This piece originally appeared in International Politics and Society.

By Remko Leemhuis

There has long been a consensus amongst security and terrorism experts, which has only been confirmed by recent investigations and trials in EU countries:  Hezbollah is using Europe to secure its financing. Germany has a considerable role in these activities, as the terrorist organization not only has approximately 1,000 supporters and a robust network, but also because there are no upper limits to cash payments in the country. These conditions create a ripe environment for money laundering.

An example: On July 29, 2015, a customs agent on the German-Belgian border inspected a Mercedes with two Lebanese-Germans. As part of the inspection, the two stated that they had merely been shopping in the neighboring country. The agents, however, investigated more closely and found two gym bags with just under 500,000 euros in cash in the vehicle. Since the large sum consisted mostly of small bank notes, customs officials suspected a money laundering offence. This off-chance inspection led to an investigation in which evidence from French security authorities and the American DEA (Drug Enforcement Agency) played no small role.

Subsequently, in January 2016, raids were conducted in six European countries. Ten locations were searched in Germany. This case is noteworthy as the laundered money from South American drug cartels paid for weapons Hezbollah used in the Syrian civil war. The head of the money laundering scheme was Mohamed Nourreddine, who, according to U.S. authorities, was a major player in Hezbollah’s financial system until his conviction.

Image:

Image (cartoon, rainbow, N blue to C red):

In view of these findings, it is incomprehensible that Hezbollah’s involvement in the German organized crime scene, which finances operations in the Syrian civil war, has received little public attention. Although the organization is monitored by security authorities, and elements in Hezbollah’s local network have been banned in stand-alone cases, a full offensive has not been considered. On the contrary, in this case of Shiite Islamists, it is striking how rare the organization is mentioned in connection to the broader fight against Islamist terrorism. There is ample evidence about the danger the group poses. One need only remember the 2012 suicide bombing in Burgas, Bulgaria against Israeli tourists. Yet, German politicians and decision-makers avoid any debate on Hezbollah solely out of political considerations.

The German federal government maintains that designating Hezbollah as a terrorist organization in its entirety at the EU level, or banning it domestically, would limit contact to the Lebanese government, of which Hezbollah is a part. This argument does not hold water. If necessary, the federal government could naturally maintain contact with representatives of Hezbollah in Lebanon. Listing Hezbollah as a terrorist organization at the EU level or banning it in Germany is about preventing organized crime and ending the use of Germany as a safe space for retreat, rest, and recruiting.